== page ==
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Insight - How Speaker works

Written By: 

Ashok Sharma


Technically we can define speaker, as a component which converts the electrical signals into the equivalent air vibrations to make audible sound. 

To understand the working of a speaker, we first need to understand the concept of sound. A sound is nothing but vibrations in air particles. When a sound source generates a sound, it generally makes a vibration in its surrounding air particles which finally reaches to our eardrum. Sound is characterized by the parameters like frequency, speed, fluctuation, pressure, etc.
The speaker works on the same concept. It produces vibrations in air particles in order to generate a sound. Let’s have a look to its outside formation.
Fig. 1: Design of Speaker—Outer View

Connection Points

The main parts of a speaker are:
1.      Diaphragm
2.      Dust Cap
3.      Basket or Chassis
4.      Permanent Magnet
5.      Lead Wires
6.      Voice Coil
7.      Spider
External Arrangements of a speaker
Fig. 2: External Arrangement of Speaker
The above picture shows external arrangements of a speaker. The two terminals through which we give the electrical signals to voice coil as input, are directly connected to two ends of the coils.


The Diaphragm is the part of the speaker that is used to generate sound. It is generally made of a material mixture of paper, plastic and metal.
Diaphragm of a speaker
Fig. 3: Diaphragm, Spider, and Permanent Magnet
When we remove the diaphragm, we can have an observation that how exactly the coil is attached with the spider.
Spider of a speaker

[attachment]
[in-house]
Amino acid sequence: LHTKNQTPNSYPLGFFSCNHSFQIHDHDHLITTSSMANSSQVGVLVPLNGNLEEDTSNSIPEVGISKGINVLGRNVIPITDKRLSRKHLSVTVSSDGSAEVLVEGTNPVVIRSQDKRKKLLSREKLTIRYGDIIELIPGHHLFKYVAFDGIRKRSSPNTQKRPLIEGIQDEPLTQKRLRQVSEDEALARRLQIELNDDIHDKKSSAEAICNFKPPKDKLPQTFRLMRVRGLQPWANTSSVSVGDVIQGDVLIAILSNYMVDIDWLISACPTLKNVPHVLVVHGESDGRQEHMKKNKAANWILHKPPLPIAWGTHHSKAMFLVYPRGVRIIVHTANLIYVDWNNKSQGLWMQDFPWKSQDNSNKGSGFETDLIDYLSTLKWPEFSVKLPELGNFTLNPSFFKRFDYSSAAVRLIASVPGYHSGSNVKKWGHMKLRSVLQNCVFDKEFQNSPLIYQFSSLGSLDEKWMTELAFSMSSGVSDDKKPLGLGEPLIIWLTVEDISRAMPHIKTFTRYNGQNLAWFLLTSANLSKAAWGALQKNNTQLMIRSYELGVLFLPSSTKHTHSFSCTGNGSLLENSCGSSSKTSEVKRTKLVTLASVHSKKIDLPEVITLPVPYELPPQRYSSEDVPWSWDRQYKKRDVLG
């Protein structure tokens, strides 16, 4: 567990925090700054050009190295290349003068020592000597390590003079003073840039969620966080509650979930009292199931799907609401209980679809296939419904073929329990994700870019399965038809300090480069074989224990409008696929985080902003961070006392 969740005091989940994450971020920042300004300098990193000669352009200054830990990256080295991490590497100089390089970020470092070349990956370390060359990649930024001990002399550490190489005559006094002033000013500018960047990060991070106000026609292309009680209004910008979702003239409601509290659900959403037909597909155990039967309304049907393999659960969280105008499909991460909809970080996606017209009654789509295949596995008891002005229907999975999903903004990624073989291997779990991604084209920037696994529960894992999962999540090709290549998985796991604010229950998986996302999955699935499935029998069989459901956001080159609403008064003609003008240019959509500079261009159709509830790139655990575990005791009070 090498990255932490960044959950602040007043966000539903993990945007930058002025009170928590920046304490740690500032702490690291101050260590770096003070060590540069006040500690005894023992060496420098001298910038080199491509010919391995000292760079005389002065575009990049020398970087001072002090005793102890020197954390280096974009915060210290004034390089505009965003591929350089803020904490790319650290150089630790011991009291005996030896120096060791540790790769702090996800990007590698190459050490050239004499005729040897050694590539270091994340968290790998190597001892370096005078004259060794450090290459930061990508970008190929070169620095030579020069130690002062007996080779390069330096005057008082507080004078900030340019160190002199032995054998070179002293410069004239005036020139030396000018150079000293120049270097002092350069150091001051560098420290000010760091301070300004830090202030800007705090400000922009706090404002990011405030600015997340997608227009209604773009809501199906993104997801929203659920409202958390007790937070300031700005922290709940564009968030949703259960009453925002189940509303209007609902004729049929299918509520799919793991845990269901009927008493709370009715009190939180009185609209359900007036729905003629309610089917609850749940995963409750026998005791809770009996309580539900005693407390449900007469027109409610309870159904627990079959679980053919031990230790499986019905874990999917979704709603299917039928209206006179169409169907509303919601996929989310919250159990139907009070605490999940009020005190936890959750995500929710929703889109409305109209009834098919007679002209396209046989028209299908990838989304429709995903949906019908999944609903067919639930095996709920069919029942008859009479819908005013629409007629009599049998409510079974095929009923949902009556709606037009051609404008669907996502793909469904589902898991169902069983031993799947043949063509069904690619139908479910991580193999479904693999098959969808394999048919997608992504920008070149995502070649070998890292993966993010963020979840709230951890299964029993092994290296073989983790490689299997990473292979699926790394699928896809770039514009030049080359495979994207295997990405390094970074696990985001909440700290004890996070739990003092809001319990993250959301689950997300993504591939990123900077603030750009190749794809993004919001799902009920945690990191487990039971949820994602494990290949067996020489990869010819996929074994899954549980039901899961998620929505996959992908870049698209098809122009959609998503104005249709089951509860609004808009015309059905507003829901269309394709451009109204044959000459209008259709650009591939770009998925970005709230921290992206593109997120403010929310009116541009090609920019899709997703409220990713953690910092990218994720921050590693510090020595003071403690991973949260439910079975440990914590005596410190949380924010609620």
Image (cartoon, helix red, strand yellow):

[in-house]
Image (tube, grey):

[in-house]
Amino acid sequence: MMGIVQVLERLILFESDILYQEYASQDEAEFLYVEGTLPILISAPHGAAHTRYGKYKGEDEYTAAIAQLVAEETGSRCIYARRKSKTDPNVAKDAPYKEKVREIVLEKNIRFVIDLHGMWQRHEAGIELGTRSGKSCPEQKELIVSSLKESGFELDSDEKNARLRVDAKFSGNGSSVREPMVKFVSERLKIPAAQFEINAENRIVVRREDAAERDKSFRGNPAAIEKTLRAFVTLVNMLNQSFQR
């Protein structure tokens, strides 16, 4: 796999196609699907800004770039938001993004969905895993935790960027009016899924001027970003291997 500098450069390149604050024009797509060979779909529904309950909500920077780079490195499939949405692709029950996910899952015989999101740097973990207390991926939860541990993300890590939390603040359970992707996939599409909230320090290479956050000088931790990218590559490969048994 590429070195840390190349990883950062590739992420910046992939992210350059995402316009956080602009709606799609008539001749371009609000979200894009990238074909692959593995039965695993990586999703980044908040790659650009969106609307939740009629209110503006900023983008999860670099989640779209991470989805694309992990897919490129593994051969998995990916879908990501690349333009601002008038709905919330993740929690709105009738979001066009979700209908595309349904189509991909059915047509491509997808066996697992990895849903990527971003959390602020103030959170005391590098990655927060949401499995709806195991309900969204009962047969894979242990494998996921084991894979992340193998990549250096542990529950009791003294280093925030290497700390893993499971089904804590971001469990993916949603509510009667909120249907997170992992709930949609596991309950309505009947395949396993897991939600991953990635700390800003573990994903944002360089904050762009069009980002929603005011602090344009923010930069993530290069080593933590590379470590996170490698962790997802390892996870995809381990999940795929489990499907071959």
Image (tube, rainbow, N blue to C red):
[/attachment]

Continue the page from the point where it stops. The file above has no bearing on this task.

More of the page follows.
Fig. 4: Connection Pattern of Spider With Voice Coil, Diaphragm, and Wire Connection Voice Coil to External Terminals
The image shows the view of spider which is attached with the coil as well as diaphragm. The voice coil is directly connected with the external terminals.

Voice Coil Arrangement

The Spider is made of materials like cotton, connex, flax or mixture of cotton and connex.

Voice Coil in a speaker
Fig. 5: A Closer Look of Spider and Positioning of Voice Coil
As we can see, the voice coil is positioned between a gap. It is done to allow the movement of voice coil in the fixed region of permanent magnet’s magnetic field.
Structure of voice coil in speaker
Fig. 6: Closer View of Voice Coil, which Acts as Electromagnet
The above image shows the voice coil which is the heart of a speaker. It is generally constructed using copper wires or aluminum wires. It acts as an electromagnet when current passes through it.


Working of Speaker:
All these components makes a synergism to take input as an electrical signal through lead wires and send output as vibrations in air particles through diaphragm. Magnets and sound coils play an important role to produce vibrations exactly equivalent to correspondent electrical signals.
When electrical signals pass through the voice coil, an electromagnetic field is generated around the coil which interacts with the magnetic field of the permanent magnet. The positive end of electromagnet is attracted by negative end of the permanent magnet and negative end of electromagnet is repelled by negative end of permanent magnet. The electric signal continuously changes its polarity, thereby changing the direction of the magnetic field continuously and in result of this, the coil moves back and forth according to the input electrical signal.
This coil movement makes moves the spider and diaphragm which in turn makes vibrations in the surrounding air particles. 
The main body which defines the shape of a speaker, also known as “Basket” or “Frame” or “Chassis” is shown in the image below.
Metal Frame of a speaker
Fig. 7: Main Body of Speaker—Known as Basket, Frame, or Chassis

Mechanical Part

The following image shows the other important parts which help to structure a speaker.

Mechanical parts of a speaker

Fig. 8: Various Parts of Speaker


nice information abt speaker

awesome information abt speaker-insight

like it.....


ya good...


Very good information about speaker

this was helpful than attending a lecture


its cool ,,i will try to make my own speaker....thanx....

Thanks .

The information mentioned above is so good.But i still want to know about the Interfacing about the Speaker with Microprocessor..



what is the range of sound which clearly detect by mic.????


Nice Information I like him


<p>if anyone know the formula of finding o/p sound in decibels of a speaker with speaker ohm and watt</p>